Hi, there... This page is part of the Slipcue guide to various bluegrass artists, which is part of a much larger Hick Music website. This "guide" is not meant to be comprehensive or authoritative, just a quick look at a few records I've heard recently, as well as some old favorites. Comments or corrections are invited... and recommendations are always welcome!
This is the fourth page covering the letter "B"
Ginger Boatwright "Fertile Ground" (Flying Fish, 1991)
One of the driving forces behind the poppy early '70s newgrass band, Red, White & Bluegrass, singer-songwriter Boatwright returns with a talky, folky, mid-tempo album that doesn't really wow me, but may appeal to fans of mature, high-concept "progressive" bluegrass. An all-star cast of "usual suspects" superpickers back her up, including folks such as Jerry Douglas, Sam Bush, Doug Dillard, Mark O'Connor... The overall effect is similar to what Nanci Griffith or, later, Alison Krauss would record. It sounds okay in a broader bluegrass mix, but taken as an entire album, feels a little too intellectual for me. Good stuff, though, for the style!
Ginger Boatwright "Sipsey" (2000)
Ginger Boatwright "Inside The Gate" (2007)
A gospel offering...
Frank Bode & Tommy Jarrell "Been Riding With Old Mosby" (Folkways, 1986)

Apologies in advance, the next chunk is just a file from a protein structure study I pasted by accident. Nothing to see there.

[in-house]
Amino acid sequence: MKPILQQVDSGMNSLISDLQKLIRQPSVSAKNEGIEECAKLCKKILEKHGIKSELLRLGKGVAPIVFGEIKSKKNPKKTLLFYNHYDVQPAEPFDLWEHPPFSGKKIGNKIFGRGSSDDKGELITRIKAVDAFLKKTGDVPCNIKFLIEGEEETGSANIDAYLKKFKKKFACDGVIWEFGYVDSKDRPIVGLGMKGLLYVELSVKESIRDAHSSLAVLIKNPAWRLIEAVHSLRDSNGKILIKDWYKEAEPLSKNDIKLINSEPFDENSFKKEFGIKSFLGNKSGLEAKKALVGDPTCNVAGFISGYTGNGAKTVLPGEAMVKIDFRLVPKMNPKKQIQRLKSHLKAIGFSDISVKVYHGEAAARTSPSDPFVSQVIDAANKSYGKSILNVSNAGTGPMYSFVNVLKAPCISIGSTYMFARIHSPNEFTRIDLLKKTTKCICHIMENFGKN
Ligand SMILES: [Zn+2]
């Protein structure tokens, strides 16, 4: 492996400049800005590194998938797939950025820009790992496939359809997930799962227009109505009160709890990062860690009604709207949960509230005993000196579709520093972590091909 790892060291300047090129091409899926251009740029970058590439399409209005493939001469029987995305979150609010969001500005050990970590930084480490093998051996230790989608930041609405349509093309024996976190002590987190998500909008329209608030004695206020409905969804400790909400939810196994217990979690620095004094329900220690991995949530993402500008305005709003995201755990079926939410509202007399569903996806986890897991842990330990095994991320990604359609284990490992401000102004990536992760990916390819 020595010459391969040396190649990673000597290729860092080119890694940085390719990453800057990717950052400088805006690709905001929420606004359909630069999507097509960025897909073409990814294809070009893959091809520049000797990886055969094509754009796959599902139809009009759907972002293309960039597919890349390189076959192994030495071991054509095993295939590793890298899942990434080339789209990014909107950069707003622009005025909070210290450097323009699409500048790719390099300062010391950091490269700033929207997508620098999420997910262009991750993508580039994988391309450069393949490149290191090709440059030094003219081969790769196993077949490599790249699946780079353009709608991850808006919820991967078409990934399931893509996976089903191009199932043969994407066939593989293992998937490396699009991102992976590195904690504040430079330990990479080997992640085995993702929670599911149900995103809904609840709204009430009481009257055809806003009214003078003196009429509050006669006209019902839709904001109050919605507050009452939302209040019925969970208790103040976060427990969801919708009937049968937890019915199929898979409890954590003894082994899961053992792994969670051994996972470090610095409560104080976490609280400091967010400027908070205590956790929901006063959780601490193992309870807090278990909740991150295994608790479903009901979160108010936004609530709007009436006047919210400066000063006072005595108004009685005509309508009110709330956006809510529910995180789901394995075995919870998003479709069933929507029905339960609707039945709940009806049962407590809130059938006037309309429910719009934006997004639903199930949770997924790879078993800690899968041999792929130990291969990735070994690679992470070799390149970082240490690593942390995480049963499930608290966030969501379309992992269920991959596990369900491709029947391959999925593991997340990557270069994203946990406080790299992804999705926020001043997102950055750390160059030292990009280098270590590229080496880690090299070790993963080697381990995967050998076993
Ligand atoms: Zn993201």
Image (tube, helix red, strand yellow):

A nice, laid-back, down-to-earth old-timey set, with old-man vocals by Mr. Bode and squeaky fiddle accompaniment from Tommy Jarrell... Plain, old, simple, traditional mountain music, with a powerfully authentic feel.
Dock Boggs - see artist discography
Boone Creek "One Way Track" (Sugar Hill, 1977)
Dig those '70s aviator glasses and that shaggy, shoulder-length hair! Banjo picker Terry Baucom, dobro whiz Jerry Douglas and future country star Ricky Skaggs join on this near-perfect, traditionally-oriented newgrass album. The picking is magnificent, the group singing is warm and impasssioned, the choice of material is rich in history and harmony and shows the group's mastery of and devotion to old-school classics, particularly on several catchy old gospel tunes. The album falls apart just a little at the end, when a few newly-added live performances show the band's more raggedy side -- a jazzy instrumental jam, and a couple of harmony tunes with notably rough edges -- but on the whole, this is a very impressive and fun album, one of the best ever from this late 1970s scene. Of a piece -- and on a par -- with albums like Tony Rice's Manzanita, J.D. Crowe's My Home Ain't In The Hall of Fame, or the fab Bluegrass Album Band albums of the early '80s. Highly recommended!
Boot Hill "Steel Rails" (Millwheel Music, 1977) (LP)
(Produced by Louisa Branscomb & Sam Sanger)